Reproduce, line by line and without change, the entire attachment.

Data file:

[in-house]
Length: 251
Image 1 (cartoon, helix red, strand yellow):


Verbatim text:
[in-house]
Length: 251
Image 1 (cartoon, helix red, strand yellow):